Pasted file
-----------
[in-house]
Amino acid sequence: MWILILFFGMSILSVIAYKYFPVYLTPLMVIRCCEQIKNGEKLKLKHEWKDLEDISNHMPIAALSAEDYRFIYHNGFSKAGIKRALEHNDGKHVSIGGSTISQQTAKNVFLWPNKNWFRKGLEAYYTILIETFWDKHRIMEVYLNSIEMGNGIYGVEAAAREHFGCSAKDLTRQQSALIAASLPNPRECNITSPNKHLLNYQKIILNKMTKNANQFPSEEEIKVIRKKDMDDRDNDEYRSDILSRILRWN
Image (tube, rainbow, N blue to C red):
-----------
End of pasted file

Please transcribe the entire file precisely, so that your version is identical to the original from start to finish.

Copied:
[in-house]
Amino acid sequence: MWILILFFGMSILSVIAYKYFPVYLTPLMVIRCCEQIKNGEKLKLKHEWKDLEDISNHMPIAALSAEDYRFIYHNGFSKAGIKRALEHNDGKHVSIGGSTISQQTAKNVFLWPNKNWFRKGLEAYYTILIETFWDKHRIMEVYLNSIEMGNGIYGVEAAAREHFGCSAKDLTRQQSALIAASLPNPRECNITSPNKHLLNYQKIILNKMTKNANQFPSEEEIKVIRKKDMDDRDNDEYRSDILSRILRWN
Image (tube, rainbow, N blue to C red):